My M.Phil dissertation which was done with ‘Projective Cities’ at the Architectural Association school of Architecture in London. The project looks at The Hague after the advent of the International Criminal Court and projects a post-national forum constituted by NGOs as part of the political fabric of the city.
In the Eternal Evidence, René Magritte portrays the idealised nude as an assemblage of body parts rather than a whole. Undeniably, at a distance it is still possible to read the image as a single subject; however, as one gets closer to the work the fragmentary nature of the object dominates the vision. The fragments are constructed by a gap that is composed of two distinct elements –the emptiness between the framed canvases that is suggestive of the missing parts of the painting, and the frame around the canvas which defines and articulates the part. The disposition of the canvases on the wall surface in their deliberate misalignment ensures that they appear as if they do not quite fit with each other. Magritte was known as an artist who ‘rendered thought visible’. I would like to suggest that in this particular piece of work, the design of the gap is as much a part of the painting as the fragments itself, and allows the provocations fundamental to his work to reveal themselves – the ideal nude as a set of perfectly formed parts that do not necessarily fit perfectly together. Continue reading “Mind the Gap!”→
As designed for Vivek Shankar Design Practice (VSDP) as employed on contract as lead project designer. The project was awarded to the practice and has been changed in the execution. Here are the initial diagrams that were used to argue and pitch for one wing of the an academic building within the Bishop Cottons Boys School premises in Bangalore India.
I was commissioned by a practice in Bangalore, India, Vivek Shankar Design Practice (VSDP) to conceptualise a monograph that not only documents the last decade of the work done by the practice but also, paves a way to project the practice in the future. After discussions with Vivek, we agreed to use the existing monograph format as seen in the El Croquis magazine with clear drawings and photographic evidence that displays the built work of the practice and augment it with essays, interviews, debates and round-tables to re-situate the work within the city and the work of other similar architectural practices in the city.
The Trial by Franz Kafka is often commented upon for its commentary on bureaucracy and its insidious effects on society and man. My reading on the other hand, while not in disagreement with this view, looks at the manner in which Kafka uses space to display the relationship between the state apparatus and modern man. This relationship is intricate and displays both, the entrapment of the bureaucrat and of the modern man within the system where, as in many power relationships, it ceases to be clear who has a greater leverage. Continue reading “The Architecture of The Trial”→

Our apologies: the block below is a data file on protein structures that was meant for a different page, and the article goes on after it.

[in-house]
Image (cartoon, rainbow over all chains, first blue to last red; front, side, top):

“In the disposition of the Greek theatre, the audience was closely related to the chorus. It almost entirely surrounded them, and the auditorium was an extension of the orchestra circle…”
“…Although the chorus is still physically present the orchestra is no longer the focus of the action. That role has been transferred to the skene. The orchestra is now a void, looking forward to the time, not far distant, when the chorus has only a vestigial presence; when the orchestra circle, impinged upon on one side by the enlarged stage area and the other by seats of honour for the dignitaries in the audience, has been reduced to half its original extent; and what was once the centre of the action has become a gulf, with the spectators on one side and the performers on the other.”
In April, earlier this year, Wes Anderson’s movie Isle of Dogs was released. I read an article in The Guardian that discussed Anderson’s aesthetics and how it was a look that was easy to copy poorly and without body. Embedded within the writing was a link to a website ‘Accidently WesAnderson’ where Instagram followers uploaded and shared, cropped squares of buildings around the world that could be attributed to Andersonism. A number of these images included images from Jaipur, which in of itself is hardly surprising. The beautiful Mahals or palaces, symmetrical, rendered in pastel marble and sandstone with contrasting saturated coloured inlays of a variety of geometric and floral patterns, a beautiful composite of Rajput and Islamic architecture make quite the perfect set piece.
A research project while a fellow at the Strelka institute of Media, Architecture and Design in Moscow in Russia, 2010-2011 under the tutelage of OMA.
The project asks : What does minimisation of enery in Russia entail in light of the fact that Russia is economically dependent on selling oil and gas? The project argues that the electric car, an innocuous and relatively recent consumer and industrial object in the ex-communist country could hold the key to repositioning the attitude of the country as regards to being both, an exporter and a consumer of fossil fuels thus, propelling a wave of energy minimisation globally.
While I was teaching at the Aarhus School of Architecture in Aarhus in Denmark with Fabio Gigone and Joel Letkemann, we embarked on a research project with the students in the unit called (in)voluntary Intimacies that re-drew, analysed and documented (relevant) housing projects from the 19th century till recently. These were collected in 4 Books.